- Faith Odunsi, a 15-year-old secondary school student has set a new record by winning a global maths contest
- Ms Faith defeated students from the US, UK and other countries to clinch the top prize
- The brilliant student had earlier set a record by answering 19 questions in 60 seconds in the Cowbellpedia competition
Faith Odunsi, 15, recently made Nigeria proud as she emerged the winner of the Global Open Mathematics Tournament, an international competition with participants from Europe, Africa, America, Asia and Australia.
She told the newspaper that winning the "tough competition" made her happy and honoured.
Faith narrated how she excelled in different stages of the contest to emerge the overall winner.
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In the first stage, there was a computer-based test and we had to answer many questions in one hour. My score in the test was 66. The second stage took the same format and I also scored 66.
"The quarter and semi-finals were on Microsoft themes. We were asked questions and we put in our answers; the first to put in the correct answers got 10 points."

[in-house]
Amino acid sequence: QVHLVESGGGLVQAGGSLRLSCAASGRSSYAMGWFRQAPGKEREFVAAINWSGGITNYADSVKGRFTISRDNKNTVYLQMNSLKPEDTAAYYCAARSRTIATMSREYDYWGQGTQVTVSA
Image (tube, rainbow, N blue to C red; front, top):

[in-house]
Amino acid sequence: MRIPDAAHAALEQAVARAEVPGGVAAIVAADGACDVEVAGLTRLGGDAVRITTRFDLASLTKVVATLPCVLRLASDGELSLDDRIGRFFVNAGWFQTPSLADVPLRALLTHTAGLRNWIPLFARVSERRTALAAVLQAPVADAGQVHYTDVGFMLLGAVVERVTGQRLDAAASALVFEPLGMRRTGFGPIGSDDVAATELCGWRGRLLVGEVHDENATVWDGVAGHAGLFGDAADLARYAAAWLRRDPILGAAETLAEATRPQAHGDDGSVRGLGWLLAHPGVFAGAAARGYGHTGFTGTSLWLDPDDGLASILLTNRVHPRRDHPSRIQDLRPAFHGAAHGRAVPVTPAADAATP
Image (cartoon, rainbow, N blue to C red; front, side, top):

Speaking about how she prepared, Faith said she made sure the competition did not affect her academic activities.
So, it's after the school period that she had another class with her teacher who coached her for the contest. She also studied at night from 11pm to 12am.
As the winner of the contest, Faith was presented with a monetary award of $1,000 (N379,000, according to the CBN's current exchange rate).
She added that the organisers said they would come for the official presentation of the award.
Before winning the global contest, Faith had in 2018 set a record in Cowbellpedia by answering 19 questions in 60 seconds.
She intends to study Computer Engineering for her tertiary education.
In other related news, Emmanuel Nworie, a Nigerian man who resorted to petty cassava farming after graduating with a first-class in mathematics, has left the shores of the country for the United States.
A university in Texas is sponsoring Nworie for his PhD after he was discovered by a Nigerian man named Michael Taiwo.